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The diplomatic dance and the Iranian threat

By snubbing President Obama, the US’s Sunni allies have shown they are just as worried over the deal as Israel is

Diplomacy, of course, is as much about symbolism as substance, but the latest example belongs in the record books: international anxiety about Washington’s Iran policy has become oddly entangled in diplomatic protocol. Middle Eastern leaders allied with the U.S. are showing their displeasure with the course of the P5+1 talks with Iran by either arriving on these shores without a presidential invitation to make their objections known, or the opposite — implicitly making their objections known by turning down a presidential invitation.

It started over two months ago, when Israeli Prime Minister Benjamin Netanyahu accepted an offer from House Speaker John Boehner to address a joint session of Congress on March 3, without a presidential invitation. Piqued by this defiance of protocol, the president did not meet with him, and several dozen Democratic congressmen boycotted the session. In his speech, the prime minister extolled the U.S.-Israel relationship, but warned that the course of negotiations with Iran seemed likely to unwind the international sanctions regime that had brought Iran to the negotiating table, while leaving Tehran with the means of achieving nuclear weapons capability.

His audience — nearly 90 percent of Senate and House members — proved receptive to the message. They drafted a bill requiring some degree of congressional review of any agreement with Iran. Seeing that its supporters had the votes to pass the bill over a veto, President Obama said he would sign it. Meanwhile, on April 2, the P5+1 reached a framework agreement with Iran and negotiations continued on a final deal, with June 30 set as the deadline for completion. The Senate passed the review legislation on May 7 by 98-1 (the dissenter, Sen. Tom Cotton (R-AR), did not think it was strong enough), and the House followed suit by 400-25 a week later.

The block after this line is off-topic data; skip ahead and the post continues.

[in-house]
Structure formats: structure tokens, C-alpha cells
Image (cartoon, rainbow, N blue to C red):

Surprise of surprises, it turns out that America’s Sunni allies in the region are just as worried as the Israelis. The pending deal, they believe, could leave them at the mercy of a nuclear-armed Iran at a time when Shi’ite forces backed by Iran are destabilizing countries throughout the Middle East. Saudi Arabia said it might respond by acquiring its own nuclear bomb, and other states are rumored to be contemplating a similar course. Hoping to calm their fears, the U.S. Administration announced a summit of the Gulf Cooperation Council — consisting of the U.S. and six oil-rich Gulf states — for May 13-14 at Camp David. To lend even greater diplomatic significance to the event, King Salman, the new monarch of Saudi Arabia — the most important of these countries, whose deep and close relationship with the U.S. spans decades — was promised a one-on-one meeting with President Obama in Washington before the summit.

In the end, though, not only did Saudi King Salman bow out, but so did the rulers of the United Arab Emirates, Bahrain, and Oman, all sending lower-ranking officials instead. Salman, the Saudis said, was needed at home to preside over a five-day ceasefire in Yemen, the king of Bahrain had to attend the Royal Windsor Horse Show in England, and the other two leaders cited health concerns. That left the emirs of Qatar and Kuwait as the only Gulf rulers to attend.

Arab diplomats have been more subtle than the Israeli prime minister, and none has openly criticized the Administration’s course as Netanyahu did in his speech to Congress. In fact Adel al-Jubeir, the newly-appointed Saudi foreign minister, expressed surprise when a reporter asked him if King Salman’s absence was meant as a snub, calling the suggestion “really off-base.”

But in the unanimous opinion of Middle East experts, a snub is what it was. Like the Israelis, the Sunni Arabs perceive the Americans as tilting toward Iran in the delicate Middle East balance of power, about to clear a path for it to become a threshold nuclear weapons state and, by removing sanctions, providing it with funds to continue financing terrorist activity regionally and globally.

By downgrading their level of participation at the Camp David summit, the Gulf states signaled their insistence on a far tougher line in the negotiations with Iran. It is not too late to consider the advice of our allies in the region and insist on a deal that keeps nuclear weapons out of Iranian hands.

About the Author
Lawrence Grossman is Director of Publications for the American Jewish Committee.